Fanny Crosby

Fanny Crosby
1820-1915
Poetess, Hymnwriter, Child of God

Taken from Memories of Eighty Years, by Fanny Crosby

On becoming blind:
“When I was six weeks of age a slight cold caused an inflammation of the eyes, which appeared to demand the attention of the family physician; but he not being at home, a stranger was called. He recommended the use of hot poultices, which ultimately destroyed the sense of sight. When this sad misfortune became known throughout our neighborhood, the unfortunate man thought it best to leave; and we never heard of him again. But I have not for a moment, in more than eighty-five years, felt a spark of resentment against him because I have always believed from my youth to this very moment that the good Lord, in His Infinite Mercy, by this means consecrated me to the work that I am still permitted to do. When I remember His mercy and loving kindness; when I have been blessed above the common lot of mortals; and when happiness has touched the deep places of my soul, — how can I repine? And I have often thought of the passage of Scripture: “The light of the body is the eye; if, therefore, thine eye be single thy whole body shall be full of light. But if thine eye be evil, thy whole body shall be full of darkness. If, therefore, the light that is in thee be darkness, how great is that darkness!”

On her blindness:
One time a preacher sympathetically remarked, “I think it is a great pity that the Master did not give you sight when He showered so many other gifts upon you.” She replied quickly, “Do you know that if at birth I had been able to make one petition, it would have been that I should be born blind?” “Why?” asked the surprised clergyman. “Because when I get to heaven, the first face that shall ever gladden my sight will be that of my Savior!”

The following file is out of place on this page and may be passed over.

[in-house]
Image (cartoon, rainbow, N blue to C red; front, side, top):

At the age of 8 or 9 (by her memory) Fanny penned the following poem:

“Oh, what a happy soul I am,
Although I cannot see,
I am resolved that in this world Contented I will be.

“How many blessings I enjoy
That other people don’t!
To weep and sigh because I’m blind I cannot nor I won’t.”

On her surrender to Christ:
The year 1850 was a memorable one, for it was the year of her conversion and consecration to God’s service. Revival Meetings were being held in a Methodist Church near by. “Some of us,” she writes, “went every evening, but although I sought peace, I could not find the joy I craved, until one evening — November 20, 1850 — I arose and went forward alone. After prayer the congregation began to sing the grand old consecration hymn of Dr. Isaac Watts:

“Alas and did my Saviour bleed?
And did my Sovereign die?
Would He devote that sacred Head
For such a worm as I?”

And when they reached the 3rd line of the last verse

“Here, Lord, I give myself away; ‘Tis all that I can do.”

I surrendered myself to the Saviour, and my very soul was flooded with celestial light. I sprang to my feet, shouting “Hallelujah.”

“I am Thine, O Lord;
I have heard Thy voice,
And it told Thy love to me,
But I long to rise in the arms of faith
And be closer drawn to Thee.”

“Consecrate me now to Thy service, Lord,
By the power of grace divine.
Let my soul look up with a steadfast hope
And my will be lost in Thine.”

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